Rarely has a debut crime novel inspired such widespread excitement. A born storyteller, Dr.Read more...
Rarely has a debut crime novel inspired such widespread excitement. A born storyteller, Dr. Kathy Reichs walks in the steps of her heroine, Dr. Temperance Brennan. She spends her days in the autopsy suite, the courtroom, the crime lab, with cops, and at exhumation sites. Often her long days turn into harrowing nights.
It's June in Montreal, and Tempe, who has left a shaky marriage back home in North Carolina to take on the challenging assignment of director of forensic anthropology for the province of Quebec, looks forward to a relaxing weekend.
First, though, she must stop at a newly uncovered burial site in the heart of the city. One look at the decomposed and decapitated corpse, stored neatly in plastic bags, tells her she'll spend the weekend in the crime lab. This is homicide of the worst kind. To begin to find some answers, Tempe must first identify the victim. Who is this person with the reddish hair and a small bone structure?
Kathy Reichs' already-busy life is about to get a whole lot busier. Her first attempt at fiction - a superb detective thriller called "Deja Dead" - was recently named a main selection of the Book-of-the-Month Club after an intense bidding war. Translation deals have already been inked with 15 foreign publishers. And about two weeks after we talk by phone, she will begin a whirlwind North American publicity tour to promote the just-published "Deja Dead," a book that pretty much sails over a very high bar of pre-publication hype. Not bad for someone who says she avoided college literature courses to concentrate on science.
"I'm not even thinking that far ahead," Reichs says when asked how she expects this newfound fame to change her life. It's reason for momentary alarm. By phone, Reichs is pleasant to the point of vulnerability. She pauses thoughtfully between her answers, as befits a full professor of anthropology at the University of North Carolina at Charlotte. Her answers themselves are unadorned and direct, as if she were being deposed in court. One imagines the fame train running right over her.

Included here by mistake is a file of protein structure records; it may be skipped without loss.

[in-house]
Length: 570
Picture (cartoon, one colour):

But that's not very likely. In fact, Reichs is probably at least as capable and tough-minded as her appealing fictional heroine, Temperance "Tempe" Brennan. "Professionally we are very similar," Reichs admits. "Like me, she is a professor of anthropology in the Carolinas, she goes to Montreal, she does forensic work in both places." And the work of a forensic anthropologist like Reichs is not for the squeamish.
"There is no such thing as a typical case," says Reichs, who in addition to teaching full time, investigates as many as 80 cases a year as the official forensic anthropologist for both the state of North Carolina and the province of Quebec. "It might involve identifying some bones kids find in the woods, which can turn out to be anything from animal bones, to bones from historical or prehistoric burials, to more recent human remains. It might involve establishing that a skeleton is in fact that of a person we suspect it to be. Thirty or 40 percent of my cases involve trauma analysis: looking a fracture patterns, bullet entrances and exits, or stab marks to figure out what happened to this person. I only come into a case at the request of a pathologist because a body is too decomposed, too burned, too skeletonized or mummified for a pathologist to do a normal autopsy."